Great Firewall hiccup? China loses Internet connectivity for an hour
Thursday Internet traffic dropped off substantially to and from China. Paul Mozur of the Wall Street Journal’s China Real Time blog tracked the outage as a data dropoff lasting from 11:00am to 1:00pm local time.
The interruption spawned a host of possible explanations. These included the powerful 8.6 magnitude earthquake the day before off the coast of Indonesia, a cinching down of the “Great Firewall of China” censorship system, a failure in the country’s network backbone, and a software upgrade.
There is a bottleneck of undersea cables in the Malacca Straits which could have been affected by the quake. China is connected to the Internet from only three major points, as the Guardian notes in its coverage. This makes the country arguably more vulnerable than countries like the US.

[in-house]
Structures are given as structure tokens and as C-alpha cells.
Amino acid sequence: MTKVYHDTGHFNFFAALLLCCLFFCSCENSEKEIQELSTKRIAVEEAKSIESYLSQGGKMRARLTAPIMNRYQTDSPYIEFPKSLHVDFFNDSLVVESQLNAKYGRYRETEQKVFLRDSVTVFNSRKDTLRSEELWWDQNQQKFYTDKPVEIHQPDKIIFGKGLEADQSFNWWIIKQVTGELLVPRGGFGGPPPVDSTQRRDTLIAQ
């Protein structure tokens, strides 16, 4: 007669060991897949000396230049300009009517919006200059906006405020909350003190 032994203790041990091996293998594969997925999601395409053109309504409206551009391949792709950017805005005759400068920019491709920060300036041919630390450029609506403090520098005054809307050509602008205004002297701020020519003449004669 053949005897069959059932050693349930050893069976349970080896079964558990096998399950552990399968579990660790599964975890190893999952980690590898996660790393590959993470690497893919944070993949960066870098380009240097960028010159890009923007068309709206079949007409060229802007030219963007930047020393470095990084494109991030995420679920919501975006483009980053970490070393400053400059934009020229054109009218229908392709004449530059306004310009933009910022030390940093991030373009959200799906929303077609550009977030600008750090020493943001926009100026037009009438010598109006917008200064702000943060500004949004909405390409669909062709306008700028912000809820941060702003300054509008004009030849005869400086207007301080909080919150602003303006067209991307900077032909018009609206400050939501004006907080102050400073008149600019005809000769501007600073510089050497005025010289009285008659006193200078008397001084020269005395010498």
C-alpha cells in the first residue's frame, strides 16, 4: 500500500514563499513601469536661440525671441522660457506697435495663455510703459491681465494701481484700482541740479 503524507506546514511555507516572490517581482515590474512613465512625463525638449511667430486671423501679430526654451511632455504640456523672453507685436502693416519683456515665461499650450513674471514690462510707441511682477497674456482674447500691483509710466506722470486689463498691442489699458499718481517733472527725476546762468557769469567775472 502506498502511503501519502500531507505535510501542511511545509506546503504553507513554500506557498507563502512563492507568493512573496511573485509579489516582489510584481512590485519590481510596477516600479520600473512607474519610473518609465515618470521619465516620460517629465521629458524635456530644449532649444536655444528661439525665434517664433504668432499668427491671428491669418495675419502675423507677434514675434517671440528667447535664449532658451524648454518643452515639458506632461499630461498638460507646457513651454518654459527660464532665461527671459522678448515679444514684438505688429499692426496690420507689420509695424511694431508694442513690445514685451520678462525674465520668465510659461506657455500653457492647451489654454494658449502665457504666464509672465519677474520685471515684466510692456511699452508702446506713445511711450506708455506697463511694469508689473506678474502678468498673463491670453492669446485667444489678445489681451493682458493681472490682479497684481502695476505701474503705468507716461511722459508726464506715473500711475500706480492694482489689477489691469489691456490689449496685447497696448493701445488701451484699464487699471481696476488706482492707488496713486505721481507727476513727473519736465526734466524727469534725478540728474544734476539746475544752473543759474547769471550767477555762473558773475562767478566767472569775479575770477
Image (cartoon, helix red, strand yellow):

However, Xu Chuanchao, an executive with Sohu, one of China’s largest Web portals, posted to his microblog his opinion that “This malfunction is caused by the failure of China’s backbone network and is under renovation.”
The publication also pointed out that many “lesser known VPNs seemed to connect without any problems.” and quoted David Wolf of Wolf Group Asia as saying, “It’s possible they were short of capacity and that’s why some people got through, but given that obscure VPNs were working I find that hard to believe.”
According to Tech in Asia, (via China Digital Times), two of the largest Chinese ISPs, Telecom and Unicom, are denying knowledge of the source of the interruption but both insisted that a breakdown on their end was not to blame.
Mozur’s reporting however, based on data from CloudFlare, indicated that the overwhelming majority of the dropoff was from Telecom and Unicom and it was almost exclusively HTTP traffic. This, according to CloudFlare CEO Matthew Prince indicates it was probably a result of filtering, “which suggests that someone made a mistake when filtering something—likely they filtered the entire internet.”
Tech in Asia‘s writer C. Custer theorized it was the test of a new government Internet “kill switch.”